This November 11 will be the 99th observance of the holiday marking the end of "the war to end all wars." Unfortunately, since World War I there have been many wars, conflicts and battle that have injured or taken the lives of those who served in them. The stories of two veterans who served in the Vietnam War are told as a reminder of why Veterans Day in the U.S. and Remembrance Day in Canada are observed.
‘Rocket hits were common’
“I flew high-ranking people around to observe the battles," says Dexter Lyons of Trescott of one of his missions while serving in the 62nd Aviation Company during the Vietnam War. "About the worst thing we ever faced was when we had to sit on something that was used to protect from flak."
He had plans for college but enlisted in the U.S. Army at age 17 just after graduating from Scarborough High School in 1969 and was stationed in Vietnam for one regular tour and two suspensions. "I wasn't old enough to drink alcohol when I signed up and still couldn't buy beer when I got home," he chuckles. "But I was very comfortable with my time over there."
"I wanted to be serve with Army Aviation, and within seven or eight months I became motor pool sergeant and then helicopter chief," he recalls. "I was the senior officer there, and they liked to pick my brains."
Among the places his company of about 110 enlisted men and 60 or 70 officers was stationed in Vietnam were the Phu Bai Combat Base, which was serving as headquarters of the 101st Airborne Division and where he "received quite a few awards," and the coastal city of Da Nang. "It was a great opportunity for me to be one of [the most veteran] officers there. When we were in the woods, we made our own flight strip out of steel."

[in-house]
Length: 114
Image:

"Rocket hits were common," he recalls. "It was usually over with before you could get into a shelter."
"I am very happy that I returned home safely," he adds. "Not everyone did."
Wounded while in the Marines
Steven Pressley Sr. of Whiting is another Lubec area young man who joined the military as soon as he graduated from high school in 1967.
"Sixteen out of 18 boys in my class in Lubec, and some of the girls, too, enlisted," he recalls. "I thought the Navy recruiter was out to lunch, so I joined the Marine Corps at age 18."
"I trained 13 weeks at Parris Island and then some more at Camp Pendleton before being flown over to Okinawa with the 3/7 [3rd Battalion 7th Marine Regiment] where my company broke up and two or three of us were sent to fill [holes] for whoever needed us."
"I got shot in 1968 and because of my wound was treated in Yokohama, Japan, and then at the Chelsea Naval Hospital in Boston."
"Family helped a lot," he says of his recovery.
"I don't often participate in anything military like Veterans Day, but I still stay in touch with someone in Springvale that I met in boot camp," adds Pressley.